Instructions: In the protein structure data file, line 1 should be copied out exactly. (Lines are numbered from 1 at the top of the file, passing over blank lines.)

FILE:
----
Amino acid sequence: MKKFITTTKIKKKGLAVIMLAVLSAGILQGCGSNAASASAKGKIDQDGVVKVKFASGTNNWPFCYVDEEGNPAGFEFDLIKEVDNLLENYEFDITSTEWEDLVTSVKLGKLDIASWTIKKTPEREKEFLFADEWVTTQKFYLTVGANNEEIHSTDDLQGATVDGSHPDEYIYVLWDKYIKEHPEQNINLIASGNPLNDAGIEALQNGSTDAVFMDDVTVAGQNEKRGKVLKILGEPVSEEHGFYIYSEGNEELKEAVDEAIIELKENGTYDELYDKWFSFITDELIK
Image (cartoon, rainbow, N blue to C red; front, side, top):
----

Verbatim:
Amino acid sequence: MKKFITTTKIKKKGLAVIMLAVLSAGILQGCGSNAASASAKGKIDQDGVVKVKFASGTNNWPFCYVDEEGNPAGFEFDLIKEVDNLLENYEFDITSTEWEDLVTSVKLGKLDIASWTIKKTPEREKEFLFADEWVTTQKFYLTVGANNEEIHSTDDLQGATVDGSHPDEYIYVLWDKYIKEHPEQNINLIASGNPLNDAGIEALQNGSTDAVFMDDVTVAGQNEKRGKVLKILGEPVSEEHGFYIYSEGNEELKEAVDEAIIELKENGTYDELYDKWFSFITDELIK